Skip to main content

Advisory Shares: An Explainer (US Law)

Article research by  Shreyas Nair from WinSavvy's legal research team. Here's his LinkedIn bio for more information on him.

This guide contains all about advisory shares, including what they are, their other name, that is NSO, to whom are advisory shares issued and why etc.

What are Advisory Shares

Advisory shares are a sort of stock option that are granted to business consultants rather than workers. They might be given to start-up company advisers instead of cash. Advisors are typically offered options to purchase shares rather than real shares.

 

Advisory shares can aid in maintaining confidentiality while avoiding conflicts of interest. They may, however, be pricey for a fledgling firm.

 

Advisory shares, also known as advisor shares, are financial incentives that take the form of stock options. Advisors who are granted advisory shares are often entrepreneurs who have previously served as firm founders or top executives. They trade their knowledge and contacts for shares in a new firm.

 

These consultants are not the same as accountants or attorneys. Advisors who get advisory shares are unlikely to be expected to provide technical advice on taxes or contracts. Rather, they will be expected to provide strategic insights and access to contact networks.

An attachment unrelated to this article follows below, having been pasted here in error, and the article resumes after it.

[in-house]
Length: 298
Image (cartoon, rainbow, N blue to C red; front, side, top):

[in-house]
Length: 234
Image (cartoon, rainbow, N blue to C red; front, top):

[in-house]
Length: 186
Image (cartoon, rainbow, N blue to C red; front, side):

Who Issues Advisory Shares

The majority of businesses that issue advisory shares are startups or fast-growth small businesses, presumably in the angel stage or a little past that. When the issuer is an active, developing business, it may be at the later seed capital stage or even later.

 

The amount of equity allocated to advisers might vary greatly. The competence and function of an adviser can influence whether or not they obtain advisory shares. It might also be determined by how long the adviser and corporation anticipate working together.

 

Advisors might get up to 5% of the company's total stock.

 

Individual advisers may get between 0.25 and 1 percent of the company's stock. The precise number may be determined by how much the adviser contributes to the company's growth. For example, an adviser who provides insight during monthly meetings would be paid 0.25 percent.

 

An adviser who refers a prospect who becomes a significant client might earn 1% for this more tangible contribution. The lesser the percentage of equity, advisers may anticipate to get, the more mature the firm.

 

For example, a startup that distributes 0.25 percent of its shares to advisers attending monthly meetings, might reduce it to 0.15 percent when it is in its growth stage.

 

Types of Advisor Equity

When it comes to providing equity to advisers, there are two possibilities: issuing shares or granting options. The primary distinction between shares and options is that when someone owns shares, they become an instant stakeholder in the firm. Option holders have the right to acquire shares in the future.